What Does a Fund Manager Do?

Back to School Week: What is a fund manager and what do they do all day? Morningstar's Dan Kemp speaks to guest host Alex Gard

Holly Black 10 September, 2020 | 9:57AM
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Holly Black: It's back to school week at Morningstar and to help cover all the investment basics we have brought back our team of young experts. Luckily, they are as good at technology as they are at grilling our analysts.

Alex Gard: Hello. My name is Alex Gard. And today, I'll be talking to Dan Kemp about fund managers. Hi, Dan.

Dan Kemp: Hello, Alex.

Gard: What is a fund manager?

Kemp: So, a fund manager is somebody who gathers together money from lots of different people and uses that money to make investments. And so, instead of a single person making the investment, a fund manager will typically look after money from lots of different people. And the rules of what they are able to invest in are governed by the type of fund that they run. So, there's lots of different types of funds, lots of different fund managers but they are all trying to deliver a good return on the money that's given to them by investors.

Gard: What does a fund manager do all day?

Kemp: That is an excellent question, Alex. And there's really four things that a fund manager does over the course of the day. The first thing is that they do a lot of reading and thinking about where they should invest the money that's been trusted to them. And we tend to call that research, the most important thing that a fund manager does but also the thing that takes most of their time. But alongside that they have to make decisions about where to invest and how much to invest in different types of assets, different types of investments. That's a key part of their role. And the third thing is that they actually have to make those investments. So, they buy, and they sell investments. And normally, they are helped doing that by specialist traders.

But nevertheless, they have to make the final buying and selling decisions. And then, the fourth thing that they do is communicate what they are doing and how the investments that they've made are performing to the people who have given them the capital to invest. And so, that helps those people, the end investors, the one's whose money it is, understand what's happening with their money but also decide whether that's the right fund manager for them.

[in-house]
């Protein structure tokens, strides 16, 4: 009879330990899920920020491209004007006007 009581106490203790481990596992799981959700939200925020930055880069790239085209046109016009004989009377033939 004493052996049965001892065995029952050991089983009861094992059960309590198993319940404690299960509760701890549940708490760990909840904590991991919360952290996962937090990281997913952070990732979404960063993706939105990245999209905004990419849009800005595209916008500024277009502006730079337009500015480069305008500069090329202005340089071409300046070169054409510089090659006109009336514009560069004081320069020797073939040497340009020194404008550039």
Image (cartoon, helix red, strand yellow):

Gard: Okay. Why do people need fund managers?

Kemp: Well, there's many reasons why people might need a fund manager. The first reason is that people may not have the time to make all of those investments themselves. So, remember I said that the most important part of the job is research, doing a lot of reading and thinking. Not everyone has time to do that. And so, they can use a fund manager to do that work for them. The second is that even if people have time to make those investments, they may not have the experience or the expertise to do it really well. And so, by giving their money to a fund manager who is very experienced and is very knowledgeable, then they could hopefully do a better job.

Gard: Thank you for your time, Dan. For Morningstar, I'm Alex Gard.

The information contained within is for educational and informational purposes ONLY. It is not intended nor should it be considered an invitation or inducement to buy or sell a security or securities noted within nor should it be viewed as a communication intended to persuade or incite you to buy or sell security or securities noted within. Any commentary provided is the opinion of the author and should not be considered a personalised recommendation. The information contained within should not be a person's sole basis for making an investment decision. Please contact your financial professional before making an investment decision.

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About Author

Holly Black  is Senior Editor, Morningstar.co.uk